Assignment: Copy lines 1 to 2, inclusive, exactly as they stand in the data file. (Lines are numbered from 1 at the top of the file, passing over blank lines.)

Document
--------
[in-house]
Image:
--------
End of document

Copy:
[in-house]
Image: